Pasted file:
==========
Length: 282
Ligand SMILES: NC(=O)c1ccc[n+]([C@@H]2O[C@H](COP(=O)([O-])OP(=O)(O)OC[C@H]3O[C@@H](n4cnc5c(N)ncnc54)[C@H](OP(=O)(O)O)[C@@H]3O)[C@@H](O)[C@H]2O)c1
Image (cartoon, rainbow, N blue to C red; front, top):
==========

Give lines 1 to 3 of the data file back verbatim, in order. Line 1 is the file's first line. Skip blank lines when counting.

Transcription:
Length: 282
Ligand SMILES: NC(=O)c1ccc[n+]([C@@H]2O[C@H](COP(=O)([O-])OP(=O)(O)OC[C@H]3O[C@@H](n4cnc5c(N)ncnc54)[C@H](OP(=O)(O)O)[C@@H]3O)[C@@H](O)[C@H]2O)c1
Image (cartoon, rainbow, N blue to C red; front, top):